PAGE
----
Thinking about another market might help clarify why this is bad. Competition between grocery stores is around small differences like price and quality. Target doesn’t have to compete with Walmart by offering entirely different types of food. Without the barrier of network effects, competition in social media could work more like this. There could be a much higher number of interoperable platforms all competing for users through small differences in features or price. Imagine, for instance, the possibility of ten Facebook-esque platforms that are each slightly different and cater to distinct demographics.
How Interoperability Enhances Competition
Mandating interoperability would lower the barriers to entry from network effects, which are really about information. Larger networks simply generate higher quality information. In choosing between platforms, users generally prioritize one specific form of information: content. A bigger network increases the quality of available content because, for example, a user’s friends and close relations are more likely to be part of the network. Zuckerberg’s decision to break Vine’s invitation feature was so devastating because it cut the app off from the dominant social network, resulting in worse content for users. By contrast, Vine’s main competitor Instagram did not face this barrier.
Interoperability makes for a more open internet, which has a number of concrete benefits. Without the barrier of network effects, the number and diversity of social media services would increase substantially. Because platforms must be big to survive, they are forced to be very generic. It is strange that there aren’t similar alternatives out there to Facebook. Fewer barriers to competition would enable services to innovate upon the foundation set by the current platforms. These platforms would have to win the patronage of their users, perhaps through protecting privacy or offering features tailored to their interests.
This points to another benefit of interoperability: users would gain in importance. With a higher number of small platforms, they would all have to compete for the patronage of their users. Competition leads to higher quality services because businesses would have to work for their users. This relationship means users would have more power. An abundance of alternative interoperable platforms grants them some agency in where they view social media content. They could reward good platforms and punish bad ones by going elsewhere. Users could switch from Facebook next time Meta chooses to kill Vine or loses the data of more than 80 million people. Interoperability creates accountability for moving fast and breaking things.
But There Are Tradeoffs
Before concluding with a rosy picture, however, it is important to recognize some trade offs. Requiring companies to interoperate would profoundly change the flow of information across platforms, and this would of course have consequences for privacy and security. One possible virtue of large platforms is that they promise users control over their personal data. At least in theory, a user of TikTok can ensure that their videos stay on TikTok.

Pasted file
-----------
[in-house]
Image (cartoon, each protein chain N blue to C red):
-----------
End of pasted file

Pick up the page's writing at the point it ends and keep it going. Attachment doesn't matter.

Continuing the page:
Interoperability makes this more difficult. Though much would depend on the particulars, it is easy to imagine that requiring Twitter to share tweets with similar micro-blogging platforms would make privacy for Twitter users harder to guarantee. Scammers, for instance, could collect this information through fake accounts on another platform. Because tweets would flow through a much more complex ecosystem, Twitter would be hard pressed to stop it from getting into the wrong hands.
Security problems magnify this issue. If the FTC were to mandate that Twitter use an open API to share information with competitors, there is a risk that vulnerabilities could be embedded within the API. For instance, several open APIs maintained by Facebook were how Cambridge Analytica got a hold of so much user data. Complex systems to control which parties have access to user information would have to be established. Hard questions would have to be answered about who sets these standards and what liabilities exist when data is breached. Who’s to blame when a code bug embedded within a common API is exploited to acquire the passwords and location data of millions of Twitter users?
Gus Hurwtiz penned an insightful article for Tech Policy Press about the challenges of standardizing social media. Policymakers overcame many practical difficulties when mandating that telecommunications make phone numbers portable in the 1990’s, and the information flowing through digital networks is even more complex. This perspective emphasizes the hard technical realities facing regulators of digital markets.
But progress is still possible. While there are certainly limits to government’s power to fix fundamental problems of competition, it is not made impotent by complicated digital systems. A careful approach to setting standards would effectively boost levels of interoperability. Certainly, policymakers could require dominant platforms to maintain open APIs, which would leave them some autonomy to build systems tailored to their particular context. The financial system is beginning to employ open APIs to exchange sensitive financial information with the recent emergence of Open Banking. Similar to banks, social media platforms could be required to develop their own procedures for governing access to user data within pre-specified technical guidelines. Regulators should learn from the success of Open Banking when implementing mandatory interoperability for social media.
The Spirit of the Internet
In many ways, interoperability is fundamental to the internet. We sometimes forget that the web is one unbelievably complex network of interoperable computer systems. This fact highlights just how unnatural are the barriers platforms have placed in the way of interoperability. The dominance of Big Tech diminishes the diversity of the internet, and users are helpless in the face of market power. A lack of interoperability is a major reason why Big Tech is big. This perspective casts mandatory interoperability not as clumsy regulation but a curative for the distortions of monopoly. Mandatory interoperability would make digital networks more decentralized and competitive. It would restore the spirit of the internet.